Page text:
The American Society of Cinematographers (ASC) has announced the honourees for the 31st annual ASC Awards for Outstanding Achievement. Edward Lachman ASC, Ron Garcia ASC, Philippe Rousselot AFC ASC and Nancy Schreiber ASC will be recognised for their contributions to the art of cinematography during the organisation’s awards gala on February 4, 2017, taking place at the Ray Dolby Ballroom at Hollywood & Highland. Lachman will receive the Lifetime Achievement Award. Garcia will be bestowed with the Career Achievement in Television Award. Rousselot earns the International Award, and Schreiber will take home the Presidents Award.
“The work of these individual cinematographers is varied, yet it all exemplifies a stellar level of achievement,” said ASC president Kees van Oostrum. “As a group, they are also prime examples of great careers in the industry and, over the years, they have set creative standards of the highest order.”
Lachman is a revered and award-winning cinematographer who has photographed over 90 titles in narrative, experimental and documentary forms. He has collaborated with directors such as Todd Haynes, Steven Soderbergh, Robert Altman, Paul Schrader, Todd Solondz, Sofia Coppola, Werner Herzog, Wim Wenders, Volker Schlöndorff, Ulrich Seidl, and Jean-Luc Godard, among others.
Lachman’s work with Haynes on Far From Heaven (2002) and Carol (2015) garnered him Academy Award nominations, and the HBO mini-series Mildred Pierce (2011) earned him an Emmy nomination. He also received the Golden Frog for Carol, the Silver Frog for Far From Heaven, and the Bronze Frog for I’m Not There (2007) at Camerimage, as well as the Director/Cinematographer Golden Frog with Haynes in 2011. He is the only American to receive the prestigious Marburg Camera Award in Germany for his body of work. Other accolades for Lachman include Independent Spirit Awards for Far From Heaven and Carol, the British Society of Cinematographers Award for Best Feature Film with Carol, and many honours from film critic associations and festivals throughout his career.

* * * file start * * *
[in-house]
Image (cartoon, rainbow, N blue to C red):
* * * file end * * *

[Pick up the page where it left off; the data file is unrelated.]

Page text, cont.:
Garcia has collected Emmy nominations for Murder In The Heartland (1993) and The Day Lincoln Was Shot (1998), both of which received ASC Award nominations. He earned additional nods from his peers in the ASC for Thomas Carter’s Divas (1996) and the pilot of Twin Peaks (1991). In 1991, Garcia won a CableACE Award for HBO’s movie El Diablo and another CableACE Award nomination for Peter Markle’s Nightbreaker. His long list of credits includes TV hits such as Rizzoli and Isles, the first season of the current CBS series Hawaii Five-O, Numb3rs, Providence, Gilmore Girls, EZ Streets, Michael Mann’s Crime Story and the pilots for L.A. Takedown and Stingray.
A native of France, Rousselot won his first Cesar Award (France’s equivalent of an Oscar) for Diva (1981), and earned additional trophies for Thérèse (1986) and Queen Margot (1994). Rousselot earned an Academy Award for A River Runs Through It (1993), as well as an ASC nomination. Furthermore, he was Oscar-nominated for Hope And Glory (1987) and Henry & June (1990), with the former also receiving a BSC Award. His award-winning body of work includes Dangerous Liaisons (1988) and The Bear (1988), which garnered ASC nominations, and Interview With The Vampire: The Vampire Chronicles (1994), which won BAFTA and BSC awards. Additional credits include Charlie And The Chocolate Factory, Planet Of The Apes, Sherlock Holmes, Sherlock Holmes: Game of Shadows, The Nice Guys, and the upcoming Fantastic Beasts and Where To Find Them.
Schreiber is a Detroit native who, after receiving her psychology degree at the University of Michigan, moved to New York and worked her way up from production assistant to gaffer. Early in her career, she was gaffer on the Academy Award-nominated documentary The Other Half Of The Sky: A China Memoir for co-directors Shirley MacLaine and Claudia Weill. As a cinematographer, Schreiber has an eclectic list of narrative film and television credits as well as commercials, music videos and documentaries. Her work includes Your Friends And Neighbours, The Nines, Visions Of Light, In Plain Sight (pilot), HBO’s The Comeback, episodes of ABC’S The Family, and the new FX series Better Things.
Schreiber’s cinematography for Chain Of Desire earned her an Independent Spirit Award nomination (1994), which she followed with an Emmy nomination (1996) for her work on the documentary The Celluloid Closet. In addition to serving on the ASC Board of Governors, she was on the board of Women In Film (WIF) and is a member of the Academy of Motion Picture Arts and Sciences. Schreiber has taught advanced cinematography at the American Film Institute and, between shooting, continues to guest lecture at film schools in California, New York, and around the world.